Monday, January 16, 2012

Sunday Gaggle at Nanakuli

I will provide a brief recap of the gaggle of pilots that filled the skies over Puu Haleakala this past Sunday, in some beautiful and light southerly conditions, rewarding those who were patient and/or lucky enough to choose the right cycle. I will recount the day's activities from my perspective, which turned out to be at 1,700 feet, near the summit, where I cleared an amazing launch, that is, if you feel like hiking to 1,700 feet in the heat.

The day started out with the ideal conditions for flying the west side: light southerly flow, high thermal index, and high cloudbase as viewed from Honolulu. Morning tasks taken care of, 12-pm on the road full speed ahead and on route to hike and launch while the day's thermals were still kicking off the hill. Scrappy, Steven, MauiDoug, and several visiting pilots were on the trail when I arrived with Alex and Berndt. I knew the hiking trio would be at the top in no time and the three of us made it up before anyone else launched. Light conditions on the way up helped to guide my decision to hike high. However, when I got there it was evident that there was a whole gaggle of pilots there looking to get their flights and decided to hike higher. Having cleared a very difficult launch the weekend before at Ka'ena Point I figured that I could find a good clearing to improve it to something resembling a launch opening up yet another option for our gaggle.

Continuing up the trail my goal was to find a potential launch and one of the several thermal triggers that have worked well for me in the past. Stopped at a few candidates but knew that up near the summit there were some relatively flat areas located where three ridges come together aka a "Hoffman Triple Point". Finally at 1700-ft elevation found the perfect spot, I am calling it by far the easiest and most accessible launch at Nanakuli aside from the hike. Better yet you have at least four or five house thermals to choose from so this launch should work in even the lightest conditions. Got out my trusty saw and began to clear the small trees from the launch and before I knew it an hour had passed, a launch that can access the school side, main ridge, or the dump side was cleared. Scrappy and Alex had each caught the same thermal to cloud-base as I launched and easily climbed to 3000-ft just behind the peak of Haleakala.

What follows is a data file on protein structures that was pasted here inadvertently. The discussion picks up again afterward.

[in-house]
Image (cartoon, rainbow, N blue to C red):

The light wind up high and the very organized thermal I followed behind the main peak made the decision easy to make a glide for the back of the valley. Upon arrival at the back wall of Nanakuli Valley the thermals were much weaker and the main source of lift was from ridge lift provided by the light Southerly wind. Meet up with MauiDoug and skimmed the clouds at 3000-ft in the back of the valley and discussed flying over the back of the Waianae Range towards Kunia Road. I had not yet made this trip and thought the light conditions would make for a safe glide and did not expect to find many thermals over the central Oahu plain but decided to go for it as Scrappy said he would pick us up.

Tanked up as high as I could and watched MauiDoug make the left turn, hung in for a little more altitude and headed over the back directly above the two large antennas. Glide over the back was as expected, sink for the first few minutes and then a decent glide slope to the road. No real clouds or thermals to play with but a good experience and one more step in understanding the dynamics of the atmosphere on Oahu.

Thanks to Scrappy for the ride, MauiDoug for the companionship, and Alex for the inspiration. I am sure there are a million other stories, this one just happens to come from the prospective and solitude afforded by a 1700-ft launch and flight in the opposite direction of the typical flow of the day. This may have been the first flight were I did not ever get below 1700-ft until I was landing. Kind of strange.


firedave2 said...

Great stuff Allan, though you are almost assured of being alone at that launch, as much of a guarantee as it is. Not many Oahu pilots have the stomach for that type of hike. Most have a hard time getting past low launch, no matter how light it is. I'll go!

JK said...

Way to chaaarge it, Allan!

Thom said...

Good Job Allan,
I am one that Dave speaks of. Boy that is a hike that I hope I will never need. You called it the "G" word and I ruined the last launch site that was give the 'Guaranty'.

Thanks for the coffee read and picking up the slack from Alex. Who is well in to debt on stories.

allanc said...

Will take pictures next time I am up there. It is easy to find and even easier to setup a glider there. Seems like it would be a great tandem launch as well on the right day.

Alex said...

Allan, great story, thanks for sharing! I included the pictures I took that day, and I think your launch is pretty clearly visible in one of them.